Talking to the artillery
Seven partner countries have so far declared the F-35 ready for combat (IOC, initial operational capability), and the first aircraft have taken part in live operations. Israeli F-35As were deployed in May 2018 against Iranian-backed targets in Syria, and later in the year, on 27 September, US F-35B fighters from the USS Essex took part in support of land operations in Afghanistan.
Already, it is anticipated that soldiers will be able to receive intelligence on enemy movements very early. Right down to gunnery level, the F-35 will be able to see if there is activity threatening its own soldiers and alert them so they can counter the threat. The F-35 will also be able to send target data directly to its own long-range artillery or provide full-motion video of a given target area to ground or special forces, for example in preparation or during an advance, says Stig Hestbech.
"This is due to sensors, the aircraft's communications package and the networked way the F-35 operates. You can send larger amounts of data over longer distances. This means that the flexibility in the way you wage war becomes much greater.
You can choose the best and cheapest weapon system to meet the threat you face," he explains.

Impact from day one
In the future, these processes will be further automated with artificial intelligence and similar technologies. The whole aim is to speed up the fight and deliver the effects of weapons faster.
Soldiers on the ground should also expect to be equipped with even more technology, such as 'blue force trackers' down to the individual, so that friend is known from foe, he says.
"You will see a much greater interlinking of the different units from all the services," says Stig Hestbech.
Much of the tactics and the technologies themselves are still being developed. For example, other weapon systems need to be compatible with the F-35 and other fifth-generation platforms, he notes. But the mere fact that the F-35 can see far more and better than the F-16, and in all weather conditions, will make a difference to soldiers on the ground from day one:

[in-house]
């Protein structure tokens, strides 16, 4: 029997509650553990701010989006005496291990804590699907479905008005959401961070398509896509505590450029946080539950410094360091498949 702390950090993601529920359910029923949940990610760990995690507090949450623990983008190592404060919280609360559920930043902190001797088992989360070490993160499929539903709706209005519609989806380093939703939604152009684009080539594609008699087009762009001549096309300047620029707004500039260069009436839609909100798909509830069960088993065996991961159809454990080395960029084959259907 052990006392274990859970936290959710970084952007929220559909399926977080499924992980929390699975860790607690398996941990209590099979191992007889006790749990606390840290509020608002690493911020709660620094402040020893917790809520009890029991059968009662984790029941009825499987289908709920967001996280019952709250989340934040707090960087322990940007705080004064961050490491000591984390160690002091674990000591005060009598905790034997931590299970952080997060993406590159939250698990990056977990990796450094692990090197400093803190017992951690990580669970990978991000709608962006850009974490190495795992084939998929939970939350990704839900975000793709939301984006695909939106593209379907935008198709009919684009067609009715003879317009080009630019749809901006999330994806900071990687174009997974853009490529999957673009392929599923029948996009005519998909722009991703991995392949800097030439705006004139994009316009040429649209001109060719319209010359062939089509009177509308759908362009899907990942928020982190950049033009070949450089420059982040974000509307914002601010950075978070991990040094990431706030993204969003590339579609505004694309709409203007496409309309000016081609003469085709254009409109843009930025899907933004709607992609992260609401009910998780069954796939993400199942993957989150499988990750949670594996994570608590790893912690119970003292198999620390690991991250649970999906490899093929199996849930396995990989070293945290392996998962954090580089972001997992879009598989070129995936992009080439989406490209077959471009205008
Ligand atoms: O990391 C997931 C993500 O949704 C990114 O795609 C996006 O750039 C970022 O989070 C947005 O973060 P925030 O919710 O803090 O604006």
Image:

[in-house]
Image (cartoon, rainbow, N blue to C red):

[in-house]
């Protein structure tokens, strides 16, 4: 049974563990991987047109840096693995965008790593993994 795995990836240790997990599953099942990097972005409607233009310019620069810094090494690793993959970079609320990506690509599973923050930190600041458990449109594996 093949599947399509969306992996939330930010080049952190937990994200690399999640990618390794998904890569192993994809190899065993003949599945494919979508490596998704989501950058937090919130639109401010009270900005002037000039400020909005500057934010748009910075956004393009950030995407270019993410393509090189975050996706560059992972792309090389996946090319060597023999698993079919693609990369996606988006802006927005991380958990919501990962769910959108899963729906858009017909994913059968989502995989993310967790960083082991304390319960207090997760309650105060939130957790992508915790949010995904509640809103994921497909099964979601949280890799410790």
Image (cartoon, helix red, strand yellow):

"It will increase the ability of soldiers to be alerted earlier to possible attacks and thus have better countermeasures (coverage) and thus survival, which we are not able to do today," Stig Hestbech says.

The first F-35 fighter jets will land in Skrydstrup in 2023. The Defence expects the F-35 to be operational from 2024
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Unread post01 May 2022, 15:50

Denmark Magazine in 2020, recommended by the Danish MoD. 8)
MoD https://www.forsvaret.dk/da/nyheder/202 ... mechanger/
Magazine https://secure.viewer.zmags.com/publica ... 80fe7ab/36 (Language is Danish. Use Deepl Translation.)
HONNOR
DEC. 2020
F-35: A REVOLUTION IS ABOUT TO TAKE WING
DEFENCE/Because something is worth fighting for

DEFENCE'S NEW GAMECHANGER
TEXT: MICHAEL SCHMIDT SORENSEN
From Lockheed Martin's factory in Forth Worth, USA, Danish history is about to be made. It will happen when Denmark's first new fighter aircraft rolls out of the factory. L-001 will be the tail number of the first fighter aircraft, which will undergo a series of advanced tests this autumn and winter before formally passing into Danish ownership in 2021. But it's not just any aircraft that Denmark, as the tenth country in the world, will soon own. It is a combat aircraft with a number of future-oriented features, and is therefore considered by military experts to be the most advanced combat aircraft the world has ever seen.
According to Steen Hartov, senior advisor in the Combat Aviation Division of the Swedish Air Force, this is primarily because the F-35 is built on the idea that the battlefield of the future will be in different arenas and domains, but at the same time:
>>In the future we will see a completely different type of warfare. We will see significantly less divided battles, and instead we will see wars where battles on the ground, in the air, at sea, in space and not least digitally will take place at the same time and directly affect each other. We are looking at a time when soldiers, frigates and fighter jets are fighting each other, while cyber-soldiers are attacking some of the IT systems that tie it all together. This places huge demands on information sharing and intelligence gathering."

More than a fighter jet
When so many actions will be happening simultaneously, it requires ships, tanks, aircraft, computers, drones and satellites to communicate and exchange information at the same time. Only then will you be able to fully draw the board and pre-empt your opponent's next move.
According to Major Karsten Marrup, head of the Air Operations Centre at the Swedish Defence Academy, this is where the F-35 comes in. The F-35 is more than just a fighter capable of dropping high-tech bombs and launching precision missiles:
"The F-35 is a flying technology platform that, with its revolutionary AESA radar technology and other sensors, can scan vast areas, gather information from other units and together create an, in a future perspective, indispensable overview of the battlefield.<<